Sir Colin Davis, conductor
Samson = Jose Cura, tenor
Dalila = Marina Domashenko, mezzo-soprano
Grand Pretre de Dagon = Juha Uusitalo, baritone
Abimelech = John Relyea, bass
Un Vielliard Hebreu = Robert Lloyd, bass
Mark Stone, baritone
London Symphony Chorus
Saint-Saens Samson and Delilah
Dress Rehearsal, Barbican Hall in the Barbican Centre
It started at 1900 (London Time), I was on Norwegian Time 2000.
Concert version of the opera. They were all in casual wear, nobody more so than José Cura. It was an orchestra and chorus in great form, conducted by Sir Colin Davis, who also conducted Cura's recording of Samson et Dalila on Erato. Marina Domashenko replaced Olga Borodina, who had partnered Cura on the CD. Her voice was rich and she was in role all the time. José Cura sang Samson in a way that showed that this role was also his onstage in an opera house. Of the deep voices Robert Lloyd, the old Hebrew was the most impressive on, but the Great Priest (Juha Uusitalo) and Abimelech was also very good. The sound of the chorus was crystal-clear. On only really missed the stage when the Danse of the Priestesses, or the Bacchanal was played. Or, should I say, that was the time on REALLY missed it.
The "staging" of the concert. Chorus and orchestra all dressed formally in black. The chorus was behind the orchestra, soloists was standing next to the conductor, but closer to the audience than the conductor. In the beginning of "Dieu d'Israel", the chorus is sitting (since this opera starts with almost a whisper), and then they stand of (all at the same time) when the music reaches a higher level of anger/despair. Cura walks casually in, and starts singing "Arretez, o mes freres" while walking and not looking at his score. Then he turns towards the chorus and quietly put his glasses on. They are very discreet , but one can see the reflection from them. Then Abimelech comes in, put his score on the stand and sings, and go out after singing his part (as a dead man, since Samson has just killed him). One needs one's phantasy when the opera is a concert..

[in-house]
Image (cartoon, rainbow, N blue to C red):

Then The Great Priest of Dagon arrived with the 1 Philistine (Alasdair Elliot, tenor) and the 2. Philistine (Mark Stone, baritone) and the Messager (Peter Auty, tenor). Great singing. In the "Hymne de joie", the lower male voices of the chorus stood up, with Robert Lloyd as the old Hebrew. Wow, can that man sing!!! Then it was the female singers turn for "Voici le printemps", marvelously sung. And then Dalila came, at last, Marina Domashenko, "Je viens celebrer la victoire". Dalila came from the left door, Cura & Lloyd from the right. Wonderfully sung, all. Cura & Lloyd left for the Danse of the priestesses, Samson seemed to want to stay on. Dalila, Marina Domashenko, stood there, in role, seeming to almost wanting to danse with all her allure on. Then Dalila sang "Printemps qui commence" and the Old Hebrew tried to dissuade Samson from listening, since it was a concert Cura was not there.
2nd act, my favorite.
The Chorus does not sing in act 2, so they were not there. But Dalila and Great Priest and then José Cura, Samson they all sung and conquered us. Not only singing, but they also acting their part as far as it was possible in a concert, and the limited space. When Dalila exclaims "I hate you", she walks off, Samson is distraught, but the he is off. The orchestra is in fervor. Marina Domashenko walking out the door " A moi, philistines!!", José Cura: "TRAHISON!"
José Cura and the chorus in emotional "Vois ma misere, helas!" Both orchestra and chorus did well in all their parts, and I must say that this chorus really sang so that one heard the words. Great Priest of Dagon and Dalila came onto stage, it was really touching what Cura did with his tormented Samson, soft-voiced in his reproaches to himself, passionate in his defense for God.